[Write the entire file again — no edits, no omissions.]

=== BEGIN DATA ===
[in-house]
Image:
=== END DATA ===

[in-house]
Image: